My pastor sat down in my church office and told me about a parishioner he had encountered years ago at another church. The woman, known for her criticism, felt that he did nothing right, and she shared those sentiments with others. His sermons weren’t the kind of preaching she liked. At best, she said, they were “mediocre.” She even asked him why he didn’t preach like some of the ministers on TV. When he met to talk with her about her criticisms, she didn’t back down. But even with all of the venom he received from the woman, my pastor could say to me, “There were many wonderful things she did for the church. We’re all mixed bags, Marlena, all mixed bags. Just remember that.”

Slow Learners

As we grow older, we often come to the realization that certain people we doubted were right all along. How many of us have looked back and secretly wondered,If only I would have listened to my parents, who knows how many more opportunities I could have had? Who knows how many hurtful mistakes I could have avoided?

Related Topics

relationships > accountability

Raise the Temperature

When I meet people who have lived overseas, I ask what they noticed about our culture upon their return to our country. Some appreciate our culture’s energy and can-do spirit, while others lament our individuality and lack of social interaction. Every culture has strengths and weaknesses, but we can help shape the culture that shapes us.

better than myself

Charles complained to his friend about some lower back pain. He was seeking a sympathetic ear, but his friend gave him an honest assessment. “Your back isn’t your problem,” he pointed out. “It’s your stomach. Your stomach is so big it’s pulling on your back.”

blameless

Pastor guilty of bilking money from elderly woman . . . Church elder convicted of accounting fraud . . . Pastor of megachurch accused of financial misappropriation.

relationships > adoption

Adopted

Pastor Adrian and his wife, Antoinette, had two biological sons and then adopted baby Rosie several years ago. For most of Adrian’s life, he has dealt with nose bleeds—an affliction his sons have inherited. One day, little Rosie ran into the house holding her nose and grinning from ear to ear as she said, “See, Daddy, my nose is bleeding—just like Mark and John!” For Rosie, a nosebleed was another way of identifying with her adopted family.

mother robin

Thousands of Indonesian women refer to Robin Lim as “Mother Robin” because she helped them through pregnancy and childbirth. Without her care and access to the clinics she established, the women wouldn’t have been able to afford the care they needed. Lim says, “Every baby’s first breath on Earth could be one of peace and love. Every mother should be healthy and strong. Every birth could be safe and loving. But our world isn’t there yet.”

at His Word

It goes without saying that Katie Davis is an exceptional young woman. At just 19 years old, she began serving needy children in Uganda—leaving behind the creature comforts of America. And now, at 22, her work—Amazima Ministries—pays the tuition for 450 Ugandan children to attend a Christian school and also feeds 1,600 hungry children in the community. She personally cares…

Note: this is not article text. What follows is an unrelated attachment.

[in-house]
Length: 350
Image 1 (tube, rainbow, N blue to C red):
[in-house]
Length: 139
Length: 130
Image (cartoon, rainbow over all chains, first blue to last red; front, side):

relationships > dating

compatibility in Christ

Get married. Make babies.” That’s the annual clarion call from the Singapore government due to a declining population challenge. As a single woman living in this small country, I know the message is targeted at me.

The Cookie Jar

A little boy’s mother baked a batch of cookies and placed them in a cookie jar, instructing her son not to touch them until after dinner. Soon she heard the lid of the jar move, and she called out, “Son, what are you doing?” A meek voice called back, “My hand is in the cookie jar resisting temptation.” It’s funny to think of a person trying to resist temptation with their “hand in the cookie jar.” This is as much a challenge in our culture today, as it was for the Ephesians.

temptations we face

This is the last snack I’m going to eat today, you tell yourself. Then 5 minutes later you’re looking for another one! Michael Moss, in his book Salt Sugar Fat, reveals how food companies study ways to “help” people crave junk food. Some of the food industry’s biggest names hire “crave consultants” to determine people’s “bliss points”—the conditions when food companies can optimize consumers’ cravings. One popular company spends $30 million a year to determine the bliss points of consumers.

relationships > difficult relationships

Ride of Your Life

When motorcycle riders approach a sharp turn in the road, they strive to look beyond it to the direction they want to head. By looking ahead—where they want to go—they can ride smoothly through the turn and continue on their journey.

In Jesus’ Love

In Jesus’ Love. He closed his email message with those words. And as I read them, I realized how poignant they were. For this young man—who I had seen come to a saving faith in Jesus, who I’d baptized, whose faith was maturing—was back home for a stay in his birth country, a place not known for kindness toward believers in Jesus. He mentioned receiving “strange looks” from nationals as he prayed before his meal in a restaurant, the coolness his friend showed toward his faith, and that he was lonely. So I strived to encourage him by writing, “I’m so proud of you. God is using you to spread His presence in your city!”